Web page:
ting could not have been more complete since from the late 1940s experimental radio production in continental Europe received ample support from public radio, with the creation of experimental radio studios in Paris and Cologne

Samuel Becketts exploration of the electronic medium of radio broadcas-

which would go on to produce musique concrte and electronic music and whose main representatives were Pierre Schaeffer and Karlheinz Stockhausen respectively. Also, in the mid 1950s, and as a result of these experiments and of developing his theory, a basis for radio art was established which could be

consolidated as an exercise in art within electronic art in the second half of the 20th century. On a biographical level, it should be noted that Samuel Beckett began

writing for the electronic medium in radio broadcasting just when he was at the

height of the sudden unexpected success brought about by Waiting for Godot, which provided him with a financial bonanza and established him as the most original playwright of his time 6. In fact around 1956, when Beckett was writing

his first radio work at the age of fifty, he had already published sound works

of drama, narrative and poetry, beginning in 1930 with his poem Whoroscope, novels Murphy and Watt, and in French his works titled Mercier et Camier, his theatre play Eleutheria, and the trilogy of novels Molloy, Malone Dies and The
6. ACKERLEY and GONTARSKI, The Grove Companion to Samuel Beckett, p. 172. 7. The rerelease of Waiting for Godot in Paris took place in the Odon Ttre de France, in 1961. KNOWLSON, Damned to Fame: The Life of Samuel Beckett, pp. 371, 485. 8. KNOWLSON, Looking Back But Leaping Forward, p. 32. 9. MITCHELL, Breon. Six Degrees of Separation: Beckett and the Livre dArtiste. In Oppenheim, Lois. Samuel Beckett and the Arts: Music, Visual Arts, and NonPrint Media. New York and London: Garland Publishing, 1999. 10.Luciano Berio (19252003). Italian composer. Renowned for his experiments with electronic instruments, most of his work was produced in Radiotelevisione Italianas (RAI), Studio de Fonologia Musicale in Milan. 11.Luciano Berio. Sinfonia. Made between 1968 and 1969, for eight voices and orchestra. It includes texts of Becketts novel The unnamable. Published by Elektra/WEA, #45228. 12. Philip Glass (1937). American composer. Cofounder of the New York company Mabou Mines. In 1976 he made the opera Einstein on the Beach with Robert Wilson. 13.KNOWLSON, Damned to Fame: The Life of Samuel Beckett, pp. 629, 69269. 14. Morton Feldman (19261987). American composer. 15. DEBROCK, Guy. The Word Man and the Note Man: Morton Feldman and Becketts Virtual Music. In Oppenheim, Lois (ed.). Samuel Beckett and the Arts: Music, Visual Arts, and NonPrint Media. New York and London: Garland Publishing, 1999, pp. 6782. 16. KNOWLSON, Looking Back But Leaping Forward, p. 32.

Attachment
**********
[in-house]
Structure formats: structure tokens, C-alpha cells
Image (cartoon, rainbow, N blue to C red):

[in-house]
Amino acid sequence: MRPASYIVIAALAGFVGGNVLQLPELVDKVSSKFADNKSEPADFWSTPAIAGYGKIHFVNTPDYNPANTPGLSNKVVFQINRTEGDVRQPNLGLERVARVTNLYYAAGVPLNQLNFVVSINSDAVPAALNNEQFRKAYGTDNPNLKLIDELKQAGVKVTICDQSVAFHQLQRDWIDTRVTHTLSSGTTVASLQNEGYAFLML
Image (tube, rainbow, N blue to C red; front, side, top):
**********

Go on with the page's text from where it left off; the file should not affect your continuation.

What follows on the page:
and included works such as More Pricks Than Kicks, Echos Bones, and the

Unnamable.

with other fields of art, and was also a great observer of the art movements of

It is important to highlight the fact that Beckett was permanently in touch

his time, which resulted in his being involved in several collective works, both collaborations with several artists. For example, from the late 1930s, Beckett worked with Francis Picabia, Wassily Kandinsky and Marcel Duchamp in 1941

with visual artists and composers. In fact Beckett established friendships and